The config seems to be available on this Pastebin: http://pastebin.com/raw.php?i=N54GBRnu


Other research:

Automatic analysis:

Indicator of Compromise:

Command and Control (C&C):


Phishing Gang Forgets Source Code

Hook, Line, Sinker (How I fell for a phishing scam)

Hook, Line, Sinker (How I fell for a phishing scam)

I love to analyse and take apart phishing pages. Such phishing pages are nothing new, you can find them almost daily. I always enjoy poking around and investigating if I find something new, something of interest or just some sort of timestamp to be able to pinpoint the speed a gang has in setting up new phishing pages.

A little while ago, I found a curiously named folder on a phishing page. By poking around and guessing other names, I suddenly was offered a ZIP file, with all the phishing pages source code inside. Quickly analyzing the code, I have seen that the attackers have simple created a send.php file, which reads the form fields and sends an email. Extremely simple, yet very efficient. You don’t need a database, your own mailserver or any other infrastructure. Just use the php-built-in email service.

Another funny thing I noticed was the included “readme.txt” file. The content of the file suggested that some third-party did develop the script for the phishing gang. This is another indication, that phishing has become some sort of “as-a-service” deal.

Just Unzip the file you will find and index.html page, one folder and snd.php file
just Open the send.php and change the Email Address to your address and save it
Then Upload the script and you are good to go....
EASY and fast

Sample: ebbd0bebd9870f2d294db98d99767267 (md5)
Size: 189 KB

Photo by Kenneth Lu, via Flickr.

Hack of the Day: Xing

Hack of the Day – Xing

I have been using Xing for close to eight years. And I have tried the Premium feature for a little while. But luckily my card run out and that solved the hassle ton cancel my account 😉
However, have you every seen this on your front page:

The “Profile Visitors” wall. Whenever somebody views your Xing profile, an entry is shown, sometimes even telling you how that person has found you. And given our deepest desire to know everything, we certainly want to know who those people are. Granted, first-hand contacts like the second from the top I should know and find easily if I remember their names. But what about the other two? Who are they? How are we connected?

To solve that urgent need, several ways are possible. The most easiest one is to go to your own profile page. On top of that, you can see the following bar:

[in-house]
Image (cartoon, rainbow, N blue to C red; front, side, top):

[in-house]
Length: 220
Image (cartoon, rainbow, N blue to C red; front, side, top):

Again, the same people as on the front page and a few more. Now that a look at the source code of your profile page. Search the HTML code for this string: “Visitors to your profile“. And there you have all the names of your five last visitors. Pretty easy!

Another way to discover your “fans” is using a Xing application/web page. Simple browse to “Xing is 10” page (https://tenyears.xing.com/en/), click on “Go to your statistics“, log in and scroll down to “Profile Visitors”. And again, you have the most recent three visitors of your profile. And you can even click their name to view their profile page. Magic 🙂


Creative Commons: Donors Data Leak


A few days ago has the Creative Commons team sent out an email, informing me and some other donors about a data leak that happened on their GitHub repository:

Creative Commons believes in open, frank, and prompt communication with our community, including our donors. We also take your privacy seriously. We are committed to responsibly guarding the personal information you share with us.

In keeping with these principles, we want to tell you about a situation that came to our attention very recently involving your personal information. In 2013, during a migration of files to GitHub, we mistakenly posted an electronic file in a public repository that
contained some donor information. Specifically, the file included the names, addresses, email addresses, and donation amounts of about 2000 individuals who donated to Creative Commons between 2004-2007. The file did not include any credit card or other financial information. When we learned about the problem earlier this week, we immediately and permanently removed it from GitHub. We have no reason to believe anyone other than the individual who called this to our attention found the data, or that anybody misused the data.

We deeply regret this mistake and apologize for its occurrence. If you have any questions about this incident or about CC’s policies relating to collection, maintenance, and protection of your personal information, please contact legal@creativecommons.org.

Thank you for continued support.

Creative Commons

I was not able to identify the precise repository or file yet. However, I am happy that Creative Commons has informed affected users and has removed the file from their repository as soon as they got notified about the leak. So far I also haven’t seen any media attention on the whole leak.

The past years I have always donated to the cause that Creative Commons brings and I am happy how they reacted with this leak.

Zeitgeist Daemon on Xubuntu does not respect your privacy

I toyed around with my Xubuntu, and found the strange named process “Zeitgeist”. What’s this?

“zeitgeist-daemon  is  a  daemon which keeps track of activities on your system (file usage, browser history, calendar events, etc.) and  logs them  into  a  central  database. It does not only create a chronologic register, but also supports tagging  and  can  establish  relationships between activities.”